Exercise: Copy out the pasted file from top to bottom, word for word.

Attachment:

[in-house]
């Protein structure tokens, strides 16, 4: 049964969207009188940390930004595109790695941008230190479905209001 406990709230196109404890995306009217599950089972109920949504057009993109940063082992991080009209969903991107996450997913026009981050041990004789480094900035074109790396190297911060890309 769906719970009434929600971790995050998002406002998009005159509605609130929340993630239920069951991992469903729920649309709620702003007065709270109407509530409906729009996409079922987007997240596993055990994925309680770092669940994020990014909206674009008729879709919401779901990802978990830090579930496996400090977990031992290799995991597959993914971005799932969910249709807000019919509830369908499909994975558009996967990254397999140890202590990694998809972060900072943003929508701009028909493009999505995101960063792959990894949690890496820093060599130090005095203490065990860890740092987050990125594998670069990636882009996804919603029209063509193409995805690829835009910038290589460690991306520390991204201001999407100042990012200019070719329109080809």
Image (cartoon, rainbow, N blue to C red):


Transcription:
[in-house]
């Protein structure tokens, strides 16, 4: 049964969207009188940390930004595109790695941008230190479905209001 406990709230196109404890995306009217599950089972109920949504057009993109940063082992991080009209969903991107996450997913026009981050041990004789480094900035074109790396190297911060890309 769906719970009434929600971790995050998002406002998009005159509605609130929340993630239920069951991992469903729920649309709620702003007065709270109407509530409906729009996409079922987007997240596993055990994925309680770092669940994020990014909206674009008729879709919401779901990802978990830090579930496996400090977990031992290799995991597959993914971005799932969910249709807000019919509830369908499909994975558009996967990254397999140890202590990694998809972060900072943003929508701009028909493009999505995101960063792959990894949690890496820093060599130090005095203490065990860890740092987050990125594998670069990636882009996804919603029209063509193409995805690829835009910038290589460690991306520390991204201001999407100042990012200019070719329109080809």
Image (cartoon, rainbow, N blue to C red):